Racial Controversy at Historic High School Results in Resignations

Racial Controversy at Historic High School Results in Resignations

The top two headmasters at Boston Latin School have quit their jobs in the midst of a social media campaign which put the spotlight on its racial climate

Racial Controversy at Historic High School Results in Resignations

Boston Latin School / Facebook

Top administrators from the nation’s oldest public school resigned last week, just over five months after two Black high school seniors launched a social media campaign highlighting long-standing racial insensitivity within the school’s structure.

Boston Latin School Headmaster Lynne Mooney Teta announced her resignation last Tuesday, followed by one of her deputies, Assistant Headmaster Malcolm Flynn last Wednesday. Though the two administrators lamented at how Boston’s top public high school had been “unfairly judged,” many saw their resignations as a win for student activism, especially given that the institution is as hallowed as BLS.



“It is unfortunate that at a time when Boston Latin School has made tangible progress to combat racism in our community through constructive dialogue fostered by the student body, others outside the school continue to condemn us, denounce us and hold us responsible for district policies and practices over which the school has no control,” Mooney Teta said in her resignation letter.

Once Kylie Webster-Cazeau and Meggie Noel—the two seniors who initially raised concerns about racism— launched their #BlackatBLS social media campaign, it sparked a public outcry and a chain of events that eventually led to a school district investigation and an ongoing federal probe from the federal Department of Justice. The scrutiny also brought a division within the school between those who supported Mooney Theta and those who felt she had not done enough to deal with race issues, including local civil rights leaders.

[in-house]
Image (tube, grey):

Both Webster-Cazeau and Noel told Ebony.com in February they were surprised at the impact of their activism (at the time the district was preparing to launch an investigation), but their goal was to always bring awareness.

“We just want to be students and not worry about race,” said Cazeu-Webster. “That’s what this all comes down to.”

In a statement released through their school organization #BlackatBLS, they announced their shock at the resignations, but also held firm to the organization's beliefs.

“We want to emphasize that [Mooney Teta's] decision is completely independent of the mission of the #BlackAtBLS movement, which is to increase racial inclusion and race-explicit dialogue at Boston Latin School,” the statement said. “Change and reconciliation are on the horizon and we will continue to hold our school, now our alma mater, accountable…”

Their success at bringing attention to a school issue is a triumph for student activism, which has been on the rise in recent years, according to a study released this year by UCLA. The annual study showed nearly one in 10 incoming freshman students expects to participate in student protests while in college. Of that, Black students were the most likely to expect to protest, with 16 percent reporting that they had a very good chance of demonstrating for a cause while in college—5.5 percentage points higher than in 2014.

For now, the school district has named Michael Contompasis, a BLS graduate and former headmaster, as the interim headmaster as it also awaits final result of the federal probe.

 





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